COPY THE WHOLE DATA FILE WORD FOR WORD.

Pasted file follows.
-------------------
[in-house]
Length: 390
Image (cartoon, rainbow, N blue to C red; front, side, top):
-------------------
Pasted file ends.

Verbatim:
[in-house]
Length: 390
Image (cartoon, rainbow, N blue to C red; front, side, top):